Anonymous hacker at work

Protect your information

Scamming people has been around for ages and as long as people continue to fall for them, people will continue to set them into motion. New scams and new mediums with which to create them are changing and growing constantly. The new thing? Computers and interactive scams. As long as people use computers, criminals will continue to use them in their scamming efforts.

Some examples of common scams include:

  • The Nigerian Prince check scam
  • Winning a fake lottery or prize
  • Travel scams
  • Disaster relief scams
  • Phishing

We know people are falling for these because studies show a good percentage of people are willing to give out personal information voluntarily to people they may or may not know. This can be interpreted as a majority of the population is not careful enough with their information. It’s scary to find the numbers are sometimes in favor of the criminals.

Avoid being the victim of a scam

Education is key when it comes to scams. You should stay on top of current techniques scammers are using so you know what to look for in a scam.

How do you know if it’s legit or fraudulent?

To protect yourself, your company, and your customers from these cyber attacks you need to be up to date with current scamming trends and also know some best practices to follow in case you are suspicious of something.

Here are a list of cyber safety tips and best practices to follow to help minimize your chances of falling victim to a scam:

  1. Pop-ups
  • Make sure your browser has a pop-up blocker turned on.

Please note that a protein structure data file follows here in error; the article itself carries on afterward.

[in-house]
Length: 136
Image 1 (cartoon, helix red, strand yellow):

• Be suspicious of any pop-ups.
  1. Spelling errors
  2. Email
  • Be cautious of all links and attachments.
  • If you are not expecting or not familiar with an email address, be cautious.
  • Be cautious the email body is vague.
  • If you are possibly familiar with sender but were not expecting the email, reach out to the person to see if they did in fact try to email you.
  1. Familiarize yourself with popular scams or social engineering tactics
  • There are many great news websites with articles on current scams.
  • Example: JohnD@marrillych.com (Notice "Merrill Lynch" is spelled incorrectly?)
  1. If something says, “time sensitive” and you’re not familiar with the contents, do not feel the pressure to be rushed.

It’s not a bad thing to be suspicious! If something seems suspicious, consult us here at TimbukTech or do some further research to determine what the best course of action should be. Remember that like a fence or a firewall, you are the first line of defense to your money and information.

What is the best way to defend yourself against cybercrimes?

The best advice for defending against these scams is to be aware. Be aware that people are trying to scam you and be aware that the resources exist to help you spot these scams. If you follow these cyber safety tips, stay vigilant, and stay updated – You should feel more confident that you’re protecting your money and your information.